He felt that now he could return To claim his promised bride; Confront her father without fear, With new found hope and pride.
And so to Glaisdale Tom returned His roving days now past. True to her word Agnes rejoiced, Her hopes fulfilled at last.
They married soon and lived in bliss, Or so the story goes. Tom grew in wealth, in fame, in power, Commanding all he chose.
Throughout the north he garnered fame His name grew ever bigger. Lord Mayor of Hull he then became, Now a respected figure.
And when his Agnes died at last Their story he declared, Would with a bridge over the Esk With all the world be shared.
A bridge to join the river’s banks To help new lovers’ trysts; A bridge secure from spate and flood Which to this day exists.
The reason it’s called Beggar’s Bridge No one is very sure. ‘Tis thought was done to prompt us all That Tom was once so poor.
She emanates wistfulness melancholy, sorrow bound to her rock out of sight of her sea. Andromeda’s prison awaiting her Perseus.
She thinks of the sea, beseeching the ocean, to roll in and take her to wash her away to be lost in the waves to swirl with the kelp in that pellucid world in those welcoming depths to join the white horses to laze in the rock pools bask on the corals where once were her friends
No coteries here no sisters, no mermen, no one to favour her – offspring or lovers. That whirlpool which bred her the spray which had bathed her sequestrated and gone now no longer her milieu.
Is this always and ever is this life’s stricture retribution for what? For loving her kingdom her aquatic birthright? Or for being in form not fish, fowl nor fiend?
For living a life half tide-borne, half earth-child, hermaphrodite, epicene, ambiguous, undefined, a shadowy being, crippled, malformed?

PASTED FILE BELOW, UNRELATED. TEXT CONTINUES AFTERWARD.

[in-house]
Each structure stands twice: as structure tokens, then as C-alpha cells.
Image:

Her joy now – the sunlight, the breeze and the dew the song of the seagull the far sigh of the sea.
In the verses below, I attempt to express Clytie’s plight when she finds her love for the Son God, Helios, rejected, and she is committed to watch his daily flight across the heavens in his winged chariot . Eventually she is transformed into a sunflower or heliotrope , condemned for ever to follow the sun’s movements across the sky.
C L Y T I E
As dusk takes over from the day I stand on Helios’ shore and weep. Light for my soul, Lust for my life; These no more can I strive to keep.
Yet there is hope because the night Is followed by expectant day. The sun will rise With hope intact, And I’ll revive my destined way.
The languid sun will lift at dawn Over the shimmering tranquil sea. It is my dreams, My Holy Grail, And promises new hopes to me.
The sun renews its daily task. As Clytie, I still strive to meld Lovers’ aubade, Their serenade. With this till dusk my life is held.
Time’s chariot, its path I trace; Helios arcs across the sky. Till evening ends In blood red gore, And once again I die.
But then again the cycle breaks When dawn extends to dusk its kiss. It’s carmine clinch, Crimson caress, Herald again life’s feud with bliss.